ITV forecasts returns to growth: Time to hang out the flags?

Perhaps we’ll look back on this week as pivotal. Last Friday, Sir Martin Sorrell attacked those who talk up ad markets on the basis of slowing revenue declines. Following his lead, I suggested yesterday that we’re not out of the woods yet.

This morning, ITV announced a forecast 4% YOY growth in ad revenues during December. The last time ITV witnessed ad revenue growth was June 2008, three months before the collapse of Lehman Brothers.

Time to hang out the flags? Perhaps. So far as I know, ITV is the first big, mainstream, media owner to forecast a return to growth. Its shares were up by 7% this morning.

There will be caveats. For 2009 as a whole, ad revenues will still decline by 12%. This morning, after digesting ITV’s news, Numis Securities nixed its prediction of a 5% decline in ad revenues next year. It replaced that forecast with the prediction that the broadcaster’s ad revenues would be flat during 2010.

Not everyone, it seems, is willing to take this announcement as a signal that recession is over. Quite rightly: 2010 could still have some nasty surprises in store.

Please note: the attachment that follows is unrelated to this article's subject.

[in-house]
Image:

Even so, when you reach the bottom of a mountain, the obvious reflex is to look behind you and ask what it would take to scale the same heights again.

For all the talk of ITV’s structural problems, its decline hasn’t been quite as deep as other media companies have witnessed. The company’s advertising revenue base peaked in 2005 at £1.6bn.

ITV plc: Net Advertising Revenue

2004: £1.59bn

2005: £1.63bn

2006: £1.49bn

2007: £1.49bn

2008: £1.43bn

Factor in that 12% decline for the current year, and ITV’s ad revenues should emerge at around £1.25bn during 2009.

To get back to 2005 levels, therefore, ITV will need to grow its advertising revenue base by 30%.

There will be those who say that this is impossible because of audience fragmentation, online competition and the Contract Rights Renewal. Equally, there will be those who say it doesn’t matter, that ITV should instead concentrate on selling its in-house programming overseas and developing online revenues.

But ITV hasn’t exactly excelled in either area in recent years. The revenues involved are relatively small.

Here, then, is a sobering thought to add to the cautious forecast issued by Numis Securities this morning.

If ITV continues to expand its ad revenues by 4% on a consistent basis, it will equal, or beat, its 2005 performance. . . at some point during 2016.



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